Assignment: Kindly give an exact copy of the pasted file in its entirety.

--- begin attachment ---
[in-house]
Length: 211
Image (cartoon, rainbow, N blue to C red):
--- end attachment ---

[in-house]
Length: 211
Image (cartoon, rainbow, N blue to C red):